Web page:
A Chinese Vase

Sometimes I think that my body is a vase
With me in it, a blue-tiled Chinese vase

That I return to, sometimes, in the rain.
It’s raining hard, but inside the little china vase

There is clean white water circling slowly
Through the shadows like a flock of yellow geese

Circling over a small lake, or like the lake itself
Ruffled with wind and geese in a light rain

That is not dirty, or stained, or even ruffled by
The medley of motors and oars and sometimes even sails

That are washed each summer to her knees. It’s raining
In the deep poplars and in the stand of gray pines;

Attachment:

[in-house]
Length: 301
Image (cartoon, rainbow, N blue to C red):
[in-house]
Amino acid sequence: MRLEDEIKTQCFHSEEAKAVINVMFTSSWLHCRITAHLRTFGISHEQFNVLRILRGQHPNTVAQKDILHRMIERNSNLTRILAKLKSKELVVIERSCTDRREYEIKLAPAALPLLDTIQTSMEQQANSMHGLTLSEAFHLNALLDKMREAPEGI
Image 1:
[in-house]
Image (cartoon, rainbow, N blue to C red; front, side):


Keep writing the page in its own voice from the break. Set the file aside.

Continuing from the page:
It’s snowing in the mountains, in the Urals, in the
Wastes of Russia that have edged off into China;

The rain has turned to sleet and the sleet
Has turned to snow in the sullen black clouds

That have surfaced in the cracks of that Chinese
Vase, in the wrinkles that have widened like rivers

In that vase of china. It’s snowing harder and harder
Now over the mountains, but inside the mountains

There is a sunlit cave, a small cave, perhaps,
Like a monk’s cell, or like a small pond

With geese and with clear mountain water inside.
Sometimes I think that I come back to my body

The way a penitent or a pilgrim or a poet
Or a whore or a murderer or a very young girl

Comes for the first time to a holy place
To kneel down, to forget the impossible weight

Of being human, to drink clear water.